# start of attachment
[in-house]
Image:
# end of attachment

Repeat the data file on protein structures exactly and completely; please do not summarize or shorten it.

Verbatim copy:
[in-house]
Image: